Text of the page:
UCF alumna and filmmaker Jenni Gold, who just signed a deal with Regal Cinemas to release her film “CinemAbility” in theaters later this year, will present a free screening at UCF on Friday, March 27.

The documentary looks at how films and television shows have portrayed disabilities through the years, and how media and popular culture have affected attitudes toward people who are different. It was a story she wanted to tell – with the help of actors Ben Affleck, Jamie Foxx, Gary Sinise, Jane Seymour and others – because of her muscular dystrophy.

The film business is a moving target, said Gold, which may make it a little harder for someone using a wheelchair – but the 1992 graduate who now lives in Los Angeles has persisted in the industry and is releasing her newest film this year to coincide with the 25th anniversary of the signing of the Americans with Disabilities Act. The film has been shown at some festivals and specialty screenings, but the Regal deal will offer a wider distribution.

Gold said her membership in the Directors Guild of America helped give her access to the actors and actresses, many of whom have disabilities or portrayed characters with disabilities.

“It’s interesting to see celebrities talk as themselves, and we’ve got a lot of big names,” she said.

Gold said her film looks at the evolution of “disability” and shows examples from movies and TV programs such as “Forrest Gump,” “Edward Scissorhands” and “Game of Thrones.”

The movie also shows that many stereotypes remain in the industry, but the message is to push forward to reach your dreams, she said, adding that there are new roles and opportunities on both sides of the camera these days.

Gold said her time at UCF was well spent because of the variety of experiences students have to master – writing, directing, finding locations, and other facets of the industry.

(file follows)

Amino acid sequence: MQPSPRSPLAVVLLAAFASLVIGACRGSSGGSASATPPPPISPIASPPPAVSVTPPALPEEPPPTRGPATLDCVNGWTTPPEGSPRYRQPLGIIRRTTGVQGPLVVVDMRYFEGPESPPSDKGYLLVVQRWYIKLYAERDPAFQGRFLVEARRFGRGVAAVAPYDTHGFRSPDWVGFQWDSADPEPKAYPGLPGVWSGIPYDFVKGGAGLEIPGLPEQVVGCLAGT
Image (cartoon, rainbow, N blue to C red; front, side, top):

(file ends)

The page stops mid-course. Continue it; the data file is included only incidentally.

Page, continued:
“What UCF film school teaches is perseverance, the ability to go and do things on your own,” said Gold, who drove cross-country to attend this week’s showing. “At UCF, everyone has a chance to do their own film, unlike at USC where they select a film for you to do. At UCF you learn how to produce. It widens your skillset. You need to know every aspect to be successful.”

The advice she gives to film students now is to also hone their craft by watching old great movies.

“I won’t hire an intern if they don’t know their film history,” she said. “You have to have seen Audrey Hepburn, Cary Grant and Jimmy Stewart and know how the film business started and where it’s going.”

The “CinemAbility” screening at UCF will be 5 p.m. Friday, March 27, in the Visual Arts Building hosted by UCF and the Global Peace Film Festival. There will be a meet and greet with Gold before the closed captioned movie, and a Q&A afterward.

UCF’s Student Disability Services will provide a sign interpreter for the Q&A, and students from associate professor of film Lisa Mills’ class will tape the Q&A for anyone who may want a copy.

For more information about “CinemAbility,” go to the film’s website: http://www.cinemability.com.